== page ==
Pages (from-to)784-790
Number of pages7
JournalInternational Journal of Medical Informatics
Volume84
Issue number10
DOIs
StatePublished - Oct 1 2015

Fingerprint

Electronic Health Records
Delivery of Health Care
Organizational Culture
Motivation
Interviews
Informatics
Quality of Health Care
Practice Management
Argentina
Patient Safety
Documentation
Hemoglobins

Keywords

  • Diabetes
  • Electronic health records
  • Problem lists
  • Quality

ASJC Scopus subject areas

  • Health Informatics

Cite this

Wright, A., McCoy, A. B., Hickman, T. T. T., Hilaire, D. S., Borbolla, D., Bowes, W. A., ... Sittig, D. F. (2015). Problem list completeness in electronic health records: A multi-site study and assessment of success factors. International Journal of Medical Informatics, 84(10), 784-790. https://doi.org/10.1016/j.ijmedinf.2015.06.011

Problem list completeness in electronic health records : A multi-site study and assessment of success factors. / Wright, Adam; McCoy, Allison B.; Hickman, Thu Trang T; Hilaire, Daniel St; Borbolla, Damian; Bowes, Watson A.; Dixon, William G.; Dorr, David; Krall, Michael; Malholtra, Sameer; Bates, David W.; Sittig, Dean F.

In: International Journal of Medical Informatics, Vol. 84, No. 10, 01.10.2015, p. 784-790.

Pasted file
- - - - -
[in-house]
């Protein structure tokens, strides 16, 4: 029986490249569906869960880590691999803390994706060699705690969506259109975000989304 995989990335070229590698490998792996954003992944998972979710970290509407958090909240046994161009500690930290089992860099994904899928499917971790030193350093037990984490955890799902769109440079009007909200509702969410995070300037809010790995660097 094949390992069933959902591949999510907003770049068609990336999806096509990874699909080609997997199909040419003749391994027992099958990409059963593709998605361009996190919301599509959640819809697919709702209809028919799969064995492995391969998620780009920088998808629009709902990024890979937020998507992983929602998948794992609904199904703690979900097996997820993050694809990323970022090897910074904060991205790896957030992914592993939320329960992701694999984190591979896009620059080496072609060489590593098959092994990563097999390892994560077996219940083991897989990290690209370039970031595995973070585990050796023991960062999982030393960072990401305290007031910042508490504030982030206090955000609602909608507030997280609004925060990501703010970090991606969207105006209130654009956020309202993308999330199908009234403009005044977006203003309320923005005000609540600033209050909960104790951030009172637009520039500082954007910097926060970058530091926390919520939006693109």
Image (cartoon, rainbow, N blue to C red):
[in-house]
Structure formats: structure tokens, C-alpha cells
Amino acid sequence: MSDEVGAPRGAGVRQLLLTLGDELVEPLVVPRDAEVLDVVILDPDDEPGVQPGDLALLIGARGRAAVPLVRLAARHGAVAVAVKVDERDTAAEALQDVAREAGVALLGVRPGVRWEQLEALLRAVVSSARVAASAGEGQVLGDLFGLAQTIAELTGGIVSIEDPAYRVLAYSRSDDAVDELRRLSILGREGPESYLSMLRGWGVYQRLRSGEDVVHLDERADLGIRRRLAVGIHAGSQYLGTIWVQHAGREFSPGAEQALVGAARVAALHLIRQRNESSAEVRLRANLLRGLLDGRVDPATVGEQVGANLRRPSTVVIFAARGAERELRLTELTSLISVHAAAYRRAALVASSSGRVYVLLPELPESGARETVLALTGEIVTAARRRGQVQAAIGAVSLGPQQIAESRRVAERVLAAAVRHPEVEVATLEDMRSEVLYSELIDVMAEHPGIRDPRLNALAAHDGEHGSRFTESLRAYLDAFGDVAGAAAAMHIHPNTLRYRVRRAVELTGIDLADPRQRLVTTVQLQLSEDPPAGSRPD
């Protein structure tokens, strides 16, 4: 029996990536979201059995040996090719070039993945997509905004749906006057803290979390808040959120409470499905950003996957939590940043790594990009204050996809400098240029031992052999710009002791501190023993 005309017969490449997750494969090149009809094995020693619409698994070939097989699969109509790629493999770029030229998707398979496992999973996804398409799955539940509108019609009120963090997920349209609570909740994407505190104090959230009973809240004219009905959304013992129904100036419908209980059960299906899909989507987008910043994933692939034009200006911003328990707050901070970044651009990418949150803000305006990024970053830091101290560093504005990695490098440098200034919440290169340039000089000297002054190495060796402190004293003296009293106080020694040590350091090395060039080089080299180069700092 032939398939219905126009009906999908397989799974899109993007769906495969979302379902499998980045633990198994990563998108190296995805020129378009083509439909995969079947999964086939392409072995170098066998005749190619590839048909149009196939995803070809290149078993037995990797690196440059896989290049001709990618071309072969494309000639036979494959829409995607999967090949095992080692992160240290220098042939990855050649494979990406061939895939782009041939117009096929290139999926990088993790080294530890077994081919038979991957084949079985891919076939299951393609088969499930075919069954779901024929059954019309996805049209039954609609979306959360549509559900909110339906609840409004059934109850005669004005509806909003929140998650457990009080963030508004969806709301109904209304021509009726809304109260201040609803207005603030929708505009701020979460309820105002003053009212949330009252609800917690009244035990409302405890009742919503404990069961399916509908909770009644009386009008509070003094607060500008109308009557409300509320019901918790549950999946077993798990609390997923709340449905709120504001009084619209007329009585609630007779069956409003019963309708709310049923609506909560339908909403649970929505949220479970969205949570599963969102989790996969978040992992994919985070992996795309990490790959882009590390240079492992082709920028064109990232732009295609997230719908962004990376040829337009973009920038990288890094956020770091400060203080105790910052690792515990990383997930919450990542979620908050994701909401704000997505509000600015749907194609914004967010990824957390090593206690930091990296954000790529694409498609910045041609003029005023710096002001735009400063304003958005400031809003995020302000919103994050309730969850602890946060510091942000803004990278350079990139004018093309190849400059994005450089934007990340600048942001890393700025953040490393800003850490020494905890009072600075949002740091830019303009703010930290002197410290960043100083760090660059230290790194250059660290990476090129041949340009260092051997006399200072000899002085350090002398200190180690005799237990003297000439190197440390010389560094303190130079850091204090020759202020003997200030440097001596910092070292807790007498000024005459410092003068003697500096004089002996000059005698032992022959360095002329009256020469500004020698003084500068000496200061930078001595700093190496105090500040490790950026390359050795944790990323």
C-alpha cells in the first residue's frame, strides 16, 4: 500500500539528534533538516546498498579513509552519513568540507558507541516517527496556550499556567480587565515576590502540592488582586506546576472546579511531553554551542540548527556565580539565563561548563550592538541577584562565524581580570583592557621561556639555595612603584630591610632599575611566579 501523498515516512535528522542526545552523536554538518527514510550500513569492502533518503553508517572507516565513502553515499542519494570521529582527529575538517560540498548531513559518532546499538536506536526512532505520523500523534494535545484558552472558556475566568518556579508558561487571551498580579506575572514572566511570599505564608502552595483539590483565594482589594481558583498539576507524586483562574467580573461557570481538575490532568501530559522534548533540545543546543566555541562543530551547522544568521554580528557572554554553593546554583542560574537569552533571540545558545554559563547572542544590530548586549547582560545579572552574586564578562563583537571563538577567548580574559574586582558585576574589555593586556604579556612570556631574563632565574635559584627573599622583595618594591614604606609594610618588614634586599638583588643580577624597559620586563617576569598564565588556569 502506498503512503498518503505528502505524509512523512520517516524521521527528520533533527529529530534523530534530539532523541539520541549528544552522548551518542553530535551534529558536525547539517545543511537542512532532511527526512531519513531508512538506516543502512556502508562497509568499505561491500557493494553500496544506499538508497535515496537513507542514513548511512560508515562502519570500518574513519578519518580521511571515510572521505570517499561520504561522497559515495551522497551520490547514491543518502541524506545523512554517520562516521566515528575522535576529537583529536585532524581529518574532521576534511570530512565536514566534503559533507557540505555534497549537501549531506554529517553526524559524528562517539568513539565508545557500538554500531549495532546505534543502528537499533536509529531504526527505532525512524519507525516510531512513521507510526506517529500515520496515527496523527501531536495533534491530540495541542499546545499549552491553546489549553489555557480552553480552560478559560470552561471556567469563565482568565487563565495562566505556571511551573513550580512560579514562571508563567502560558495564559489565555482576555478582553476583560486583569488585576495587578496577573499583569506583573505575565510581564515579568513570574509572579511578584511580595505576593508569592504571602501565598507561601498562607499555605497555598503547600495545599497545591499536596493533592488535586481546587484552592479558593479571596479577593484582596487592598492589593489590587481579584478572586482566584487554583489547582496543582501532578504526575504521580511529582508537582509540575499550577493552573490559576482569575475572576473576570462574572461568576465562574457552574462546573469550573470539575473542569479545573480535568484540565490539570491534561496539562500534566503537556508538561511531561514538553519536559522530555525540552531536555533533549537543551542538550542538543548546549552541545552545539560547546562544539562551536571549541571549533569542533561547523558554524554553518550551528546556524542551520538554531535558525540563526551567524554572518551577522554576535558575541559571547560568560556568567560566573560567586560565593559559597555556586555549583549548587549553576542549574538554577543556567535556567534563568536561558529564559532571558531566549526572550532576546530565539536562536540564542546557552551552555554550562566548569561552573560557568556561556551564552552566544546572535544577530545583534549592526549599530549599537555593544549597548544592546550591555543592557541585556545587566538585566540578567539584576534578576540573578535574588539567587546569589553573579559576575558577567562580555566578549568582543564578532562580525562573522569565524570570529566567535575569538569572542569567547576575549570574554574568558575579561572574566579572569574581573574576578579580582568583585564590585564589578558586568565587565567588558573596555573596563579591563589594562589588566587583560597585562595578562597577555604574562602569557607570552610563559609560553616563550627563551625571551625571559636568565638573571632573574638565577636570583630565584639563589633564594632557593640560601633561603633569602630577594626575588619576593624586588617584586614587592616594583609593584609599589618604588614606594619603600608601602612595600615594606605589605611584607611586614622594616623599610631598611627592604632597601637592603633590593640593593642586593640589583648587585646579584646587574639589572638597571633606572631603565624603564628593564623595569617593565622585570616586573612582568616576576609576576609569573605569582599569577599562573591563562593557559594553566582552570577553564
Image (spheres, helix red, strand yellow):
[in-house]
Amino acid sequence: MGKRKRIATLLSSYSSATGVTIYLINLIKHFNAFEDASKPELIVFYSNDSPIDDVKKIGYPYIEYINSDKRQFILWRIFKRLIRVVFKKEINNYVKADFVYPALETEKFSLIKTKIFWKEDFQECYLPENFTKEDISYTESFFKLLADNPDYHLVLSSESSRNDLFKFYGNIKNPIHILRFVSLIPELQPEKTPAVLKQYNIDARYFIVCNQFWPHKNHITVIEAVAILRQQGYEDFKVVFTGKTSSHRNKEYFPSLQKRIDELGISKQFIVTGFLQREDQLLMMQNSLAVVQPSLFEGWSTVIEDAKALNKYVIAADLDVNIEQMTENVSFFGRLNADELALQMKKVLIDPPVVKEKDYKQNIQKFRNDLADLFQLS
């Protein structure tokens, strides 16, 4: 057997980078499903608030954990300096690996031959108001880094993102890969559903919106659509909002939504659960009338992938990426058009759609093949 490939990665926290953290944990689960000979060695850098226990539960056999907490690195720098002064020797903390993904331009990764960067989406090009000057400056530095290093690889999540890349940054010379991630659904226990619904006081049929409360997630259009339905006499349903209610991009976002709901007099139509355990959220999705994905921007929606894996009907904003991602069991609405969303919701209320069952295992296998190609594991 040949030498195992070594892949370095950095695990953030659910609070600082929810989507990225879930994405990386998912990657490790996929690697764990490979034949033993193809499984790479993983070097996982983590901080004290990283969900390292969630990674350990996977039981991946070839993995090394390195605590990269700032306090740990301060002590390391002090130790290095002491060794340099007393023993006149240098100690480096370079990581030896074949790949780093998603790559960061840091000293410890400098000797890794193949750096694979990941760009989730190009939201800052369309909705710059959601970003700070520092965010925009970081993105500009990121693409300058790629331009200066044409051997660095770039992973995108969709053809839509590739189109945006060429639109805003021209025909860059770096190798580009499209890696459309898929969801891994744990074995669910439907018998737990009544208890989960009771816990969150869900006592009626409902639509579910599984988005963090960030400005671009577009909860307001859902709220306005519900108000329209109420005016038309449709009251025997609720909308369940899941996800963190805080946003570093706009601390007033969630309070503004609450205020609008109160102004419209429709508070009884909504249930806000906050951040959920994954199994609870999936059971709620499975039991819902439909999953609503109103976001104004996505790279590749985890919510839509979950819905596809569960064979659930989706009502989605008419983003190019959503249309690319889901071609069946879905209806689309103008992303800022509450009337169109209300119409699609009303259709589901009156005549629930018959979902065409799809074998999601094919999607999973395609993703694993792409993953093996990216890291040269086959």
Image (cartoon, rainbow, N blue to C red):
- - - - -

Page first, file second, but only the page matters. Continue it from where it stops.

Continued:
Research output: Contribution to journalArticle

Wright, A, McCoy, AB, Hickman, TTT, Hilaire, DS, Borbolla, D, Bowes, WA, Dixon, WG, Dorr, D, Krall, M, Malholtra, S, Bates, DW & Sittig, DF 2015, 'Problem list completeness in electronic health records: A multi-site study and assessment of success factors', International Journal of Medical Informatics, vol. 84, no. 10, pp. 784-790. https://doi.org/10.1016/j.ijmedinf.2015.06.011
Wright, Adam ; McCoy, Allison B. ; Hickman, Thu Trang T ; Hilaire, Daniel St ; Borbolla, Damian ; Bowes, Watson A. ; Dixon, William G. ; Dorr, David ; Krall, Michael ; Malholtra, Sameer ; Bates, David W. ; Sittig, Dean F. / Problem list completeness in electronic health records : A multi-site study and assessment of success factors. In: International Journal of Medical Informatics. 2015 ; Vol. 84, No. 10. pp. 784-790.
@article{c048716a97aa4e428b8839c2abcb8c27,
title = "Problem list completeness in electronic health records: A multi-site study and assessment of success factors",